Andrew Thorburn, NAB chief executive, said the result represented another year of consistent delivery for the bank.

"Cash earnings and revenue are up, asset quality is a highlight again, and we have further strengthened our balance sheet."

Thorburn said the bank had made strong progress in the past three years and it was now going to accelerate its strategy by increasing its investment by A$1.5b by September 2020 to further improve the experience for its customers, reshape its workforce and grow the bank.

At the same time it would target more than A$1b in savings as its simplified the business.

"We have a clear plan to deliver for our customers. We move forward with confidence and
a purpose to 'back the bold who move Australia forward'."

Australian media reported Thorburn saying that part of the savings would include a cut in 6000 jobs over the next three years, although a further 2000 new jobs would also be created.

NAB employed 33,422 full-time equivalent staff at September 30.

A BNZ spokeswoman it didn't have a specific number of planned job cuts.

"For us it is more of an ongoing transformation."

Last month BNZ restructured staff mainly in its head office with up to 100 people thought to be affected.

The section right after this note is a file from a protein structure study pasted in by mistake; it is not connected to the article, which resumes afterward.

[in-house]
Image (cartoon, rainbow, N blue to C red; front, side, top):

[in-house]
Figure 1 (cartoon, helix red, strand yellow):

The bank employs 4500 permanent full-time staff and 760 permanent part-time staff.

Who is Angela Mentis?

National Australia Bank's head of business banking, Angela Mentis. Photo / News Corp Australia
National Australia Bank's head of business banking, Angela Mentis. Photo / News Corp Australia

The woman who will take over as chief executive of the Bank of New Zealand is a career banker who grew up in Sydney where her Greek-born parent ran dairies and coffee shops.

Angela Mentis was today named as the new chief executive of BNZ and will take over the top job from January.

She has been on the board of the BNZ since December 2016.

According to an article in The Australian in 2015, Mentis wanted to join her family's business but got told by her father to get a good university education instead.

She got a job a Macquarie while still at university and finished her business degree while also working full-time.

After a stint at Macquarie she moved to Citibank and then Westpac. She joined BNZ's parent National Australia Bank in 2006 initially in its private wealth division moving up the ranks before moving into business banking.

She was promoted to head up the business banking division in 2014.

BNZ chief executive Anthony Healy described Mentis as a "terrific person" and a "good friend".

He said she was very focused on customer experience.

Healy said NAB chief executive Andrew Thorburn had called him about moving back to Australia last week to lead the business bank - taking over the position Mentis currently holds.

But Healy admits it was a bit too soon.

"I would have liked to have stayed a bit longer," he said.

Healy has been with the BNZ since 2009 and has been chief executive for only three and half years.

But he said he felt confident he was leaving the company in great shape.

Mentis will be the first female chief executive of the BNZ and may also be paid more than what Healy earned based on previous history.

NAB's 2016 annual report shows Mentis was paid $A2.68m in the year to September 30, 2016 while Healy was paid $A2.38m.

A BNZ spokeswoman said BNZ CEO remuneration package would only be disclosed in the annual report.